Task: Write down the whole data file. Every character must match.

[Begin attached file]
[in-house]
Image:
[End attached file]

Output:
[in-house]
Image: